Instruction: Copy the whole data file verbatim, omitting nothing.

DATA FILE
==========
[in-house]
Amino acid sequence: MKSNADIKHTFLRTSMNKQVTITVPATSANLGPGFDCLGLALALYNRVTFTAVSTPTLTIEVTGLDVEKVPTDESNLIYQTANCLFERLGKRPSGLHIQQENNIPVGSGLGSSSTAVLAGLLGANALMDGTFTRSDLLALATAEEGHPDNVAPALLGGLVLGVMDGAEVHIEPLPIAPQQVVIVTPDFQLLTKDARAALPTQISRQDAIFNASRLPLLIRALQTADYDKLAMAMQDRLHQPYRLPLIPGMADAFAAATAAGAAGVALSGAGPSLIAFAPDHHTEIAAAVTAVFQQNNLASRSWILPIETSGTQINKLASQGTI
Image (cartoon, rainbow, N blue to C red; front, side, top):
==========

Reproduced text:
[in-house]
Amino acid sequence: MKSNADIKHTFLRTSMNKQVTITVPATSANLGPGFDCLGLALALYNRVTFTAVSTPTLTIEVTGLDVEKVPTDESNLIYQTANCLFERLGKRPSGLHIQQENNIPVGSGLGSSSTAVLAGLLGANALMDGTFTRSDLLALATAEEGHPDNVAPALLGGLVLGVMDGAEVHIEPLPIAPQQVVIVTPDFQLLTKDARAALPTQISRQDAIFNASRLPLLIRALQTADYDKLAMAMQDRLHQPYRLPLIPGMADAFAAATAAGAAGVALSGAGPSLIAFAPDHHTEIAAAVTAVFQQNNLASRSWILPIETSGTQINKLASQGTI
Image (cartoon, rainbow, N blue to C red; front, side, top):